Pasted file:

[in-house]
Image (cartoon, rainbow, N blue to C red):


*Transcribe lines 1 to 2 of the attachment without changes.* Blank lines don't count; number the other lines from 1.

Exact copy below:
[in-house]
Image (cartoon, rainbow, N blue to C red):